The National Plant Diagnostic Network (NPDN)
is made up of plant and pest experts from the nation’s Land-Grant universities and state laboratories. The network, created by USDA-Cooperative State Research, Education and Extension Service (CSREES), is charged with providing a cohesive system to detect pests and pathogens that have been intentionally or unintentially introduced into agricultural and natural ecosystems, identifying them quickly, and reporting them to appropriate responders and decision makers. The network, through the training and use of diagnostic equipment and communication, enables University laboratories affiliated with CSREES to extend the capacity of the federal laboratory system. It is important in reducing overload of the federal laboratory system when a plant/pest outbreak occurs and the number of samples submitted for diagnosis skyrockets.
The NPDN has five regional centers, each of which has a support function for the national network, in addition to providing information unique to its region:
The Integrated Pest Management Centers
are USDA regional centers that, through collaborative networks, inform public and private sector interests about emerging issues and identify farmers' needs and priorities. Working with cooperating Land-Grant institutions, these centers strengthen the connection between production agriculture, research, Extension programs, and agricultural stakeholders throughout the United States. The regions and institutional hosts of their Web sites are as follows:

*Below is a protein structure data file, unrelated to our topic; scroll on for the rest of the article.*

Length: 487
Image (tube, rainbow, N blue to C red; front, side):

The National Plant Board is an organization of the plant pest regulatory agencies of each state and Puerto Rico. National Plant Board members work cooperatively with the National Association of State Departments of Agriculture (NASDA), APHIS, U.S. Forest Service (USFS), and Agriculture Research Service (ARS) to prevent the entry of new pests and diseases into the country.